Effect of type 1 diabetes on the production and vasoactivity of hydrogen sulfide in rat middle cerebral arteries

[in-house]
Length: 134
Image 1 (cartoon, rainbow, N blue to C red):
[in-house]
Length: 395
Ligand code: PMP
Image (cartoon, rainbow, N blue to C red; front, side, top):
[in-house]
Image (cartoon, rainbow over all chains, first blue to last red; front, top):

Hydrogen sulfide (H2S) is an endogenous mediator with peripheral vasorelaxant effects; however, the mechanism of H2S-induced vasorelaxation in cerebral blood vessels has not been extensively studied. Vasorelaxation studies were performed on middle cerebral arteries from male Sprague Dawley rats using wire myography. Immunofluorescence staining was used to detect the presence of the H2S-producing enzyme cystathionine-γ-lyase (CSE). CSE was present in the endothelium and smooth muscle of middle cerebral arteries. The CSE substrate, l-cysteine, induced vasorelaxation that was sensitive to the CSE inhibitor dl-propargylglycine. This relaxation was independent of endothelium, suggesting that H2S was produced in the vascular smooth muscle. The H2S donor, sodium hydrogen sulfide (NaHS; 0.1–3.0 mM) produced concentration-dependent relaxation, which was unaffected by endothelium removal. Nifedipine (3 μM) significantly reduced the maximum relaxation elicited by NaHS. Inhibiting potassium (K+) conductance with 50 mM K+ significantly attenuated NaHS-induced relaxation, however, selective blockers of ATP sensitive (KATP), calcium sensitive (KCa), voltage dependent (KV), or inward rectifier (Kir) channels alone or in combination did not affect the response to NaHS. 4,4-diisothiocyanatostilbene-2,2-disulfonic acid (DIDS; 300 μM) caused a significant rightward shift of the NaHS concentration-response curve, but this effect could not be explained by inhibition of Cl− channels or Cl−/ HCO 3 − exchange, as selective blockade of these mechanisms had no effect. These findings suggest endogenous H2S can regulate cerebral vascular function. The H2S-mediated relaxation of middle cerebral arteries is DIDS sensitive and partly mediated by inhibition of l-type calcium channels, with an additional contribution by K channels but not KATP, KCa, KV, or Kir subtypes.